FOLLOWING a hugely embarrassing exit at Boundary Park to the League One side, Oldham Athletic, on Sunday evening everybody – the manager included, it would seem – was left fuming. As can often be the case in these situations, Liverpool FC did by no means field a ‘weakened side’.
A starting line-up that included the likes of Jones, Skrtel, Coates, Allen, Sterling, Sturridge and Suarez is by no means, not a strong side.
Given some of the youngsters involved, that may have been an argument had we been playing one of the top Premier League sides, but this was a team over two divisions below us (given their lowly standing in League One).
However, Rodgers was keen to point the blame at the young players. He spoke, clearly angry following the game, saying ‘We are bitterly disappointed. We started the first half poorly and we started the second half and got punished’. He went on to say ‘We’ve got a big week of games but our mentality in that opening period was poor and it ended up costing us. I was disappointed with the young players today I’ve got to be honest.’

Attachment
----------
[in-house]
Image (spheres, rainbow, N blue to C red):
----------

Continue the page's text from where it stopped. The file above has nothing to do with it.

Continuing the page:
When you consider that the only two ‘youngsters’ in Liverpool’s starting line-up were Andre Wisdom and Jack Robinson, it really is quite a questionable response from Rodgers to lay the blame at their door. Other young players such as Coates, Henderson, Allen, Sterling, Sturridge and Borini are all first-teamers and have played regularly enough to be considered such so the excuse really fails.